General M. J. Wright, of the War Records Office, Washington, D. C., in which he gives the organization of Reynolds's brigade from the records of the Confederate States War Department. You will see from this that there were no Tennessee troops in Reynolds's brigade. I also enclose a letter from General Frank Cheatham to the same effect; and to-day I was informed by ex-Governor John C. Brown that he had personal knowledge of the fact that Reynolds's brigade was formed of regiments from North Carolina and Virginia. My own opinion is that Reynolds's brigade was in no .wise responsible for the disaster at Mission Ridge; but you will understand that my object just now is to ask you to examine the evidence I furnish and to make the correction due to Tennessee. Very respectfully,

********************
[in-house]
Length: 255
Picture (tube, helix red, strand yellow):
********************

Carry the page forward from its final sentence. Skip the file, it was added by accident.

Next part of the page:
48] of Generals Cheatham and Wright, and ex-Governor John C. Brown, all of whom commanded Tennessee troops under General Bragg, I am convinced that there was no Tennessee organization in the brigade of General Alexander W. Reynolds during the Mission Ridge fight, or at any other time. The evidence furnished by you and them make it certain that Reynolds's brigade was composed of the Fifty-fourth and Sixty-third Virginia, Fifty-eighth and Sixtieth North Carolina infantry regiments; hence, the statement in the note on page 496, of the November number, 1883, of the Southern Historical Society papers, that ‘Brigadier-General Alexander W. Reynolds's brigade of East Tennesseeans were the first to give way, and could not be rallied,’ does injustice to the gallant troops from your State. The authority for the statement in the note referred to is given in my letter to you of the 14th instant, which in justice to us both should be published along with this. It may be that General Bragg intended to convey the idea that Reynolds's brigade had just been serving in East Tennessee under Buckner, and had recently joined him; but I submit that his language, quoted in mine of the 14th instant, conveys the impression that was made use of by me. Not wishing to do injustice, or be guilty of a seeming wrong to any one, I take pleasure in authorizing you to make such use of our correspondence as will put the question in its true light. Yours truly,